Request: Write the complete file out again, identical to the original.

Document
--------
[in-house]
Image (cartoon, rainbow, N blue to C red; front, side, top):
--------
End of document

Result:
[in-house]
Image (cartoon, rainbow, N blue to C red; front, side, top):